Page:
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The Upside of Failure

high5Today I’m sharing a guest post from author, Bill Treasurer. Find out how you can win a free copy of his newest book Leaders Open Doors at the end of the post.

Sara Blakely, the billionaire founder of SPANX and the inventor of women’s shapewear, learned a powerful life lesson from her father at a young age. As she tells it, at the end of every week, her dad would ask her and her younger brother a simple but important question: What have you failed at this week?

Sara says that question has stayed with her throughout her career. The question taught her that extending oneself to the point of occasional failure is important to growth and development. When people make mistakes at SPANX, especially when those mistakes key the business onto some new insight, Sara says she is never disappointed. Instead, she goes up to the mistake-maker and gives them a big high-five.

Not all leaders are as evolved as Sara when it comes to how they handle mistakes. When a mistake is made, they rub the mistake-maker’s nose in the mistake, as if the person were an errant dog in need of punishment. They seem to revel in the role of punisher, as if their power were derived from their ability to render harsh judgments.

More evolved leaders view mistakes and failure as powerful learning opportunities. A good failure can be the best evidence that a person is stretching, experimenting, innovating…and more importantly, not stagnating.

Smart leaders convert failures into opportunities.

A good example of how a failure can be transformed into an opportunity comes from the story of Steve, a project manager in a large construction company. Steve had enjoyed a successful career and was poised for a bright future. But when a project that he had led tanked and lost millions of dollars he suffered a crisis of confidence. There were a host of reasons the project went south, including misestimating the cost of the work and underbidding the project, performing the work in an entirely new market, and a fickle and unreasonable client. If anything, Steve’s leadership had prevented the project from being a bigger loss than it turned out to be. But he didn’t view it that way. He personalized the failure and he started to doubt himself. He became much more tentative and hesitant.

Fortunately, Steve worked for Wayne – a seasoned leader who understood the value of a good failure. Wayne had experienced enough failures along the way to know what Steve was going through. Wayne knew that after a failure it is tempting to scale back, become less visible, and take on smaller projects. Wayne also knew that if Steve allowed himself to shrink, he might get comfortable with a lower standard of achievement. Steve was capable and talented guy, despite the recent setback.

So what did Wayne do? He put Steve in charge of a large, complex project the company had just landed. The project was one of the largest in the company’s history, and a lot of money was at stake. Notice that what made Steve suited for the new opportunity was because of his recent failure and the need to overcome it. What Steve really needed was redemption—in the eyes of his company, and in his view of himself. Steve would never hold himself accountable to who he was capable of becoming as a professional if Wayne let him settle for becoming a smaller self. Leaders fail. It comes with the territory. Leading a big, hairy, complex job would be just what Steve needed to capitalize on the lessons he had learned from his prior failure.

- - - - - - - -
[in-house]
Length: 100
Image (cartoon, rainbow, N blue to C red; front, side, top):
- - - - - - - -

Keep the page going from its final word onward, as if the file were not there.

Leaders fail. It comes with the territory.

How do you handle it when an employee loses a client, gets the data wrong, comes in over budget, or drops the ball in some other way? Do you explode? Do you mentally write the person off for good and hold the mistake against him or her forever more? Do you stew with resentment? What kind of example are you setting for others by the way you handle (or mishandle) failures and mistakes?

Bill Treasurer is the author of Leaders Open Doors, which focuses on how leaders create growth through opportunity. Bill is also the author of Courage Goes to Work, an international bestselling book that introduces the concept of courage-building. He is also the author of Courageous Leadership: A Program for Using Courage to Transform the Workplace, an off-the-shelf training toolkit that organizations can use to build workplace courage. Bill has led courage-building workshops for, among others, NASA, Accenture, CNN, PNC Bank, SPANX, Hugo Boss, Saks Fifth Avenue, and the US Department of Veterans Affairs. To inquire about having Bill work with your organization, contact info@giantleapconsulting.com.

 

I’m thrilled to have the opportunity to give away 5 FREE iTunes codes for Bill’s book Leaders Open Doors. Be one of the first five readers to share what you’ve learned from a failure in the comment section below and win. Be sure to include your email address in your comment and act fast! The codes expire June 22nd. Let’s not let them go to waste.

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JL   |   04 June 2013   |   Reply

Thank you. I really needed this article today. It has given me a different perspective on how to view failure as a mechanism for personal development. My most recent failure came with valuable feedback and now that I’m not sulking, I can see that clearly.

Bill Treasurer   |   06 June 2013   |   Reply

Thanks for your comment. Good feedback makes a good failure worthwhile. Sometimes it takes a little time for the fruits of the failure to pay off!

Oluwatobi Oyeyemi   |   04 June 2013   |   Reply

Great post. I think we all need to learn to see failure as an opportunity to learn and try new things and maintain a positive outlook. I’ve had experiences when I tried to blame others but this is such an eye opener. Thank you

Bill Treasurer   |   06 June 2013   |   Reply